IE 7 in Public Beta

For hundreds of millions of users worldwide, Microsoft’s little blue “e” is the Web. Today, after years of discussion and development, and in the face of its most notable challenge since its inception, a publicly available preview of Internet Explorer 7 for Windows XP is now available.

IE 7 Beta 2 Preview includes a long list of new and improved features that users and Web developers have seen in other browsers and have been asking for. They include tabbed browsing, integrated RSS, better standards compliance and advanced security.

The Beta 1 of IE 7, released last summer, was only available in a restricted private beta. But just days after being non-publicly released by Microsoft, the code was leaked on P2P networks.

“Beta 1 was really just plumbing,” Gary Schare, director of IE product management, told “There was a little bit of user interface shown there, but it was pretty light. This release is much richer from an end-user perspective, as well as even on the security front. There is a lot more there.”

On the security side, IE benefited from some improvements that were introduced in SP2 that limited the ability of ActiveX to run unhindered in a browser.

IE 7 takes that to the next level with an ActiveX opt-in feature that further helps to prevent attacks on potentially vulnerable controls.

The browser will also support a scriptable native version of the XMLHTTP specification, which will allow AJAX-type functionality in the browser without being directly connected to ActiveX as it is in IE 6.

Other new security features in IE 7 Beta 2 preview include: a phishing filter, cross-domain script barriers, International Domain Name Anti-Spoofing protection and a feature that simply deletes browsing history by removing user-identifiable information.

Tabbed browsing, which has long been the hallmark of Mozilla browsers, is integrated into IE proper.

Microsoft’s implementation of tabbed browsing in IE 7 includes something called Tab Groups which enables user to collect their tabs into a group and open a group with one click. A native toolbar search box is also part of the new browser.

Perhaps most notably though is IE 7’s new RSS features.

“RSS is probably the biggest area of innovation in IE 7,” Schare said. “We’ve done work both on the end user to expose the average user to RSS in a really great way and we’ve done a lot of work on the platform to enable RSS for any application to take advantage of.”

Schare explained that the RSS capabilities allow users to subscribe to feeds within the browser and once subscribed that data is available to any application, whether it’s an RSS reader or any other business or consumer application that might want to use the data.

It’s all part of how IE 7 and eventually Vista will fully integrate RSS into the system.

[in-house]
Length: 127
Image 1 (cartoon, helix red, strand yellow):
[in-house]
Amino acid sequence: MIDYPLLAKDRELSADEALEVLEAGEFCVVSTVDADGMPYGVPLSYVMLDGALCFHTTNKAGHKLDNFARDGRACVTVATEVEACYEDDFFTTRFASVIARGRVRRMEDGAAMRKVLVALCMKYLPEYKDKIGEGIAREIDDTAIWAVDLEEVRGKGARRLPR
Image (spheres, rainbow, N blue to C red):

With all the changes wrought in IE 7, Microsoft has sought to find a balance between new standards features support and maintaining backward compatibility for Web developers and the countless billions of Web pages built to support IE 6.

Schare noted that Microsoft looks at compatibility as a virtual dial.

“If we dial up on more standards support, that naturally dials down on compatibility with the way that people have built their sites in the past to make sure that they work well with IE,” Schare said.

“Some Web developers want us to keep things the same so their sites don’t break and others want us to support new features and standards.”

“We think we’ve struck a pretty good balance but we’ll see what the feedback is for this Beta 2 Preview.”

Mozilla, the spawn of Microsoft’s vanquished foe Netscape from the browser wars of the late 1990s, has risen in popularity at the expense of IE over the last two years.

Tabbed browsing and RSS integration have been in Mozilla browsers for years. Yet despite the fact that Mozilla and Microsoft are competing for browser market share, IE 7 reflects at least two areas where the two stalwart opponents collaborated.

Schare confirmed that the RSS icon in IE 7 is actually the same as the one used by Mozilla. Microsoft also collaborated with Mozilla and others in the browser community for the implementation of higher assurance SSL certificates, which are implemented in IE 7.

Schare agreed that it would be a fair statement to say that IE 7 is the most significant new IE update in terms of features since the end of the browser wars.

“People will see a lot more that is new with this release,” Schare said. “So yes, it’s a major, major release. We had always intended to do a major IE update with Windows Vista.

“The additional work was in taking the features to Windows XP, because our customers want it and because the security of the Internet demanded it.”

IE 7 Beta 2 Preview will be available to anyone who wants to download it, but it’s really intended for early adopters and Web developers. A more consumer-friendly Beta 2 version is expected in the coming months.

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